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The Honolulu Advertiser
Posted on: Sunday, September 17, 2006

Peters in pain is still Warriors' big gain

By Ferd Lewis
Advertiser Columnist

The clacking cartilage in Leonard Peters' aching rib cage was held together by a swath of elastic bandage and covered in a plastic rib pad tucked under jersey No. 42.

But the heart of the University of Hawai'i's senior free safety and, thus its defense, was on display for all to see at Aloha Stadium last night.

If there were any questions about how the Warriors would handle Nevada-Las Vegas' spread option offense, they were answered not long after Peters trotted onto the field with a pained grimace and unrelenting determination.

Peters' unyielding presence and the defense's rock-ribbed domination were announced in calling card fashion shortly thereafter in the 42-13 home-opening victory over the Rebels.

Peters was a leaping, diving factor in breaking up three of the Rebels' first seven passes, throwing himself into his role as the last line of the Warriors' defense and setting a four-quarter tone for UH's most dominant effort of the past 11 games.

"He was just amazing even for Leonard," assistant coach Rich Miano marveled. "I don't know if people realize just how remarkable he is."

By the time Peters returned an interception 33 yards for a touchdown 29 seconds into third quarter, the assembled 28,173 surely had a notion.

By then it was 35-0 and this game was long over, even if Peters' night wasn't.

"We tried to get Leonard out of the game, but he wasn't going," Miano said. "He said he wasn't going if the others weren't coming out. That's the kind of kid he is."

Indeed, the coaches didn't know he has busted up his ribs two weeks ago at Alabama until afterward because he neither said anything nor let on.

"He made it look like he was winded," Miano said.

So, last night quarterback Colt Brennan said, "I told him, 'I don't mind you playing, just don't go crazy like you can be.' He's a madman out there. I was just telling him to preserve those ribs. But he was still a little bit crazy and, obviously, that was a good thing for us because he was flying around, being himself."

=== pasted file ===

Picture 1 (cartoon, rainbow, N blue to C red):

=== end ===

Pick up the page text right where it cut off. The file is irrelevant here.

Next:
Even when defensive coordinator Jerry Glanville finally prevailed upon Peters to leave the game, he hardly took it easy.

Instead, he turned cheerleader, high fiving the defense after each series, striding up and down the length of the bench area.

Sometimes he would clutch his side and smile.

"Oh, man, it was hurtin'; it was poppin' out (during the game), but a lot of guys are playing hurt, so as long as they're playing, I'm playing," Peters said.

Indeed, he hadn't come back for a sixth season, wading through months of NCAA limbo and medical exemption red tape to take a seat on the bench.

"If the whistle blows, I'm playing 'til they carry me out," became the Peters mantra.

When he picked off Rocky Hinds' pass in the third quarter, Peters said, "I thought about pitching it off (to a teammate). I mean, man, I was having trouble breathing and my ribs were aching. But the rest of the boys on the defense were throwing blocks for me and I just had to take it back then."

Not for the first time last night did Brennan and his teammates marvel at No. 42.

"I think his ribs were hurting and, once he caught that touchdown, they weren't hurting quite as much anymore," Brennan said. "It looked like he was smiling."

Peters' ribs only hurt when he smiled last night, which is to say they hurt a bunch.

Reach Ferd Lewis at flewis@honoluluadvertiser.com or 525-8044.